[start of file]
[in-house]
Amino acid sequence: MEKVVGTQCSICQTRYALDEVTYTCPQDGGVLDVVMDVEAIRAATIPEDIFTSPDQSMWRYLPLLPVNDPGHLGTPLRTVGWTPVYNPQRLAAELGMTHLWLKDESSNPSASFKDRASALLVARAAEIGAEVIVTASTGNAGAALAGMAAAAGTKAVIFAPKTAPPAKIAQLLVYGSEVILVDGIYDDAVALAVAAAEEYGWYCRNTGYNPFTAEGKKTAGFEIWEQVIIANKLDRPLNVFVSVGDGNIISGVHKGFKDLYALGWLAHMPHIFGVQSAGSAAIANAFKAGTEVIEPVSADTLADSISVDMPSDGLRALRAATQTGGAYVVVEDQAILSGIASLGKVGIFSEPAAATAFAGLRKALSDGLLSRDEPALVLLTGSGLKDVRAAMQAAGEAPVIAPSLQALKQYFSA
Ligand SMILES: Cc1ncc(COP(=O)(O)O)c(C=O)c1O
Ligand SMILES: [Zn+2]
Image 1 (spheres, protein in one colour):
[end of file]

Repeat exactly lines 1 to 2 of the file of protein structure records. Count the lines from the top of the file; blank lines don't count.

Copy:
[in-house]
Amino acid sequence: MEKVVGTQCSICQTRYALDEVTYTCPQDGGVLDVVMDVEAIRAATIPEDIFTSPDQSMWRYLPLLPVNDPGHLGTPLRTVGWTPVYNPQRLAAELGMTHLWLKDESSNPSASFKDRASALLVARAAEIGAEVIVTASTGNAGAALAGMAAAAGTKAVIFAPKTAPPAKIAQLLVYGSEVILVDGIYDDAVALAVAAAEEYGWYCRNTGYNPFTAEGKKTAGFEIWEQVIIANKLDRPLNVFVSVGDGNIISGVHKGFKDLYALGWLAHMPHIFGVQSAGSAAIANAFKAGTEVIEPVSADTLADSISVDMPSDGLRALRAATQTGGAYVVVEDQAILSGIASLGKVGIFSEPAAATAFAGLRKALSDGLLSRDEPALVLLTGSGLKDVRAAMQAAGEAPVIAPSLQALKQYFSA